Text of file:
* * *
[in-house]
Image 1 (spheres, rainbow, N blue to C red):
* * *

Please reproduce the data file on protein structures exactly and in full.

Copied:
[in-house]
Image 1 (spheres, rainbow, N blue to C red):